by Rick Winterson
Likely you’ve heard of the so-called “Makers Movement”, and a movement it really is. The Makers first grew from clusters of curious and creative people in the Bay area around San Francisco/ San Jose in the 1990s. The exact, original location could be in San Mateo, midway between San Francisco and San Jose, where the 13th Annual “Maker Faire” took place recently. Other Maker Faires (40 of them this year) are taking place worldwide – New York, Tokyo, Berlin, Paris, Rome, and so on.
Certainly, Boston deserves to have a Maker Faire, and the Children’s Museum in South Boston’s Fort Point neighborhood obliged (Saturday/ Sunday, October 6-7). In fact, this was the Museum’s third annual Faire, only they’ve chosen to call it the “Boston Mini Maker Faire” because it is specifically for children. Some 100+ exhibitors, performers, and guides took part. Children’s Museum organized and hosted this event under license from Maker Media, Inc.
It is difficult to convey the 2018 Boston Mini Maker Faire in just one article, even with a few photographs. Each of the three floors in Children’s was packed with Maker displays. Four tents outside the building and a performance space were set up around the trademark Milk Bottle and along the Fort Point Channel. And of course there were kids as far as the eye could see. These kids were enthralled with everything – the Museum’s Maker Mini Faire was “show-and-tell” on a truly ginormous (!!!) scale.
In all of this, what do Makers, well, really make? This year, robotics was emphasized, ranging from a greeting robot at the doorway to the exhibit, through R2D2 and 3CPO, to a fully robotic tabletop bowling alley called “GECKO Bowling”. Robotic weavers vied for your attention with wheeled robots that followed visitors around, while nudging their feet. A high school senior named Curran Dillis demonstrated a robotic hand he designed that’s visibly better than the commercial version.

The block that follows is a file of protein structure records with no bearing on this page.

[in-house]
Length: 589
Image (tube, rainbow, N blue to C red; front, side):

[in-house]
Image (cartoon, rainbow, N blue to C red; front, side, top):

And it’s not only high-tech on display, or the usual craft work. Fine dresses from recycled matter like trash bags, striking track toys for endless hours of play, and exercising devices that are fun to use are just a few examples. Furthermore, Makers do everything, like cooking in the Museum kitchen, playing music (often improvised, as with JP Honk), and creating works of art. And it’s all playful. To get an idea of the Mini Maker Faire, just remember the word “STEAM” for: S – Science, T –Technology, E – Engineering, A – Art, M – Math (or Music). Paul J. Gannon PC General Practice of Law No Charge for Initial Consultation 82 West Broadway South Boston, MA (617)269-1993 email@example.com Criminal Defense Personal Injury Motor Vehicle Accidents Establishment of Corporations, LLCs Wills & Estate Planning Real Estate Litigation Probate The Law Office of